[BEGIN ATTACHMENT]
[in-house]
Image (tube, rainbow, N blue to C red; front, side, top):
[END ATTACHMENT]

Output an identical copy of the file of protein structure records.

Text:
[in-house]
Image (tube, rainbow, N blue to C red; front, side, top):